Conversion Rate Optimization (CRO) is the process by which you attempt to earn more conversions (form submissions, and in this case, inquiries) without increasing website traffic. So, using the same example from before — if you normally get one inquiry for every 100 page visits, and you only get 100 website visits a week, a CRO strategy would beg the question: how can we get five inquiries from those same 100 visitors?
In short, the answer is: simplify the process. You’re probably making it too hard to take the next step, and that’s preventing families from doing so. Here are some tips for simplifying the process for prospective families:
1. Shorten your Inquiry Form
In general, today’s prospect doesn’t have the time, patience, or desire to fill out a lengthy form — especially when it is simply for an inquiry. Inquiries suggest “I’d like to learn more, but I’m not totally ready for a commitment just yet.” These wavering individuals are in the middle of your admissions funnel and can't be bothered with 1. creating a login; and 2. sharing every detail of their personal history with you.
While you might not get every little piece of data you want on that initial inquiry form, it’s important to remember that marketing and admissions isn’t really about you — it’s about creating an experience that invites and engages your prospective families.
While we usually recommend keeping your inquiry form to seven form fields or less, many admissions programs do require a bit more information. However, choosing a platform that has dynamic form capability can be a key differentiator here. Let's say your inquiry form needs to be 12 fields, but you don't want to show 12 fields on your website. You can use dynamic form fields to show 3-5 fields first, and as the form is completed, new fields appear.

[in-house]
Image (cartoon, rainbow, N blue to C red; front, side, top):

Suggested Further Reading
2. Make Sure Your Admissions Forms are Responsive
Unfortunately, some forms generated by admissions software and student information systems still aren’t responsive. Yikes.
With schools seeing more than 50% of their traffic from mobile devices, ensuring your inquiry form can easily be filled out on mobile is essential is a must! This means big form fields, text, and thumb-friendly buttons.
Take a minute and test out the inquiry experience on your own mobile device. Is a lot of scrolling, pinching, and zooming required? If so, it may be time to consider a different option — especially if Google Analytics data suggests that much of your website traffic to that page is from a mobile device.
3. Optimize Your Landing Pages
So what happens when you’re already investing time and resources into SEO, PPC and social...and still not getting the results you want? It might be time to re-evaluate the inquiry form landing page. Start by reviewing the page’s data in Google Analytics. A page that receives decent website traffic, but has a high bounce rate or exit rate, likely means the content and form should be optimized.